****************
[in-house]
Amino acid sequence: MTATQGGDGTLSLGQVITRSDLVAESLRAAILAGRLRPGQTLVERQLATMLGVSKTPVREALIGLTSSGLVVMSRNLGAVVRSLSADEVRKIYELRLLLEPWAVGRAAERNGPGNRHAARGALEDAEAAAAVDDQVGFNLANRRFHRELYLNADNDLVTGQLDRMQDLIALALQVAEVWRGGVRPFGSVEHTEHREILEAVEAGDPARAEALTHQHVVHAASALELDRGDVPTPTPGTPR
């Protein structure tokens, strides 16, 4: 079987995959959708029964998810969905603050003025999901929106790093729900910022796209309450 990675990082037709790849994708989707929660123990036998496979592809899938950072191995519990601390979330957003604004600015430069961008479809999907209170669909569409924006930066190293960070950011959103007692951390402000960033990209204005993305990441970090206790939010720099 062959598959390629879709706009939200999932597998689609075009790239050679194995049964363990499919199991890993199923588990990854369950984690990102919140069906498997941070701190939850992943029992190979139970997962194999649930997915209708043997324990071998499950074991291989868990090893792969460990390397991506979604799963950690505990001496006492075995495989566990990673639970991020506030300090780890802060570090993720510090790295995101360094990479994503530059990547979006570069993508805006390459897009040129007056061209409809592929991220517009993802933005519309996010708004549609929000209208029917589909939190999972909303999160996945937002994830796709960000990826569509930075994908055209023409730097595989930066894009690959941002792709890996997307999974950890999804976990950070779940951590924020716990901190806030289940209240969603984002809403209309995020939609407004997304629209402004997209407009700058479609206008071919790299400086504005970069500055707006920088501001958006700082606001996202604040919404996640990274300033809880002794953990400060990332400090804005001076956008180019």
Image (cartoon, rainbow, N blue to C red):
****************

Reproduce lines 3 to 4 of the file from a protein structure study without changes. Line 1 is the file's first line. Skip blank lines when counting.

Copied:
């Protein structure tokens, strides 16, 4: 079987995959959708029964998810969905603050003025999901929106790093729900910022796209309450 990675990082037709790849994708989707929660123990036998496979592809899938950072191995519990601390979330957003604004600015430069961008479809999907209170669909569409924006930066190293960070950011959103007692951390402000960033990209204005993305990441970090206790939010720099 062959598959390629879709706009939200999932597998689609075009790239050679194995049964363990499919199991890993199923588990990854369950984690990102919140069906498997941070701190939850992943029992190979139970997962194999649930997915209708043997324990071998499950074991291989868990090893792969460990390397991506979604799963950690505990001496006492075995495989566990990673639970991020506030300090780890802060570090993720510090790295995101360094990479994503530059990547979006570069993508805006390459897009040129007056061209409809592929991220517009993802933005519309996010708004549609929000209208029917589909939190999972909303999160996945937002994830796709960000990826569509930075994908055209023409730097595989930066894009690959941002792709890996997307999974950890999804976990950070779940951590924020716990901190806030289940209240969603984002809403209309995020939609407004997304629209402004997209407009700058479609206008071919790299400086504005970069500055707006920088501001958006700082606001996202604040919404996640990274300033809880002794953990400060990332400090804005001076956008180019």
Image (cartoon, rainbow, N blue to C red):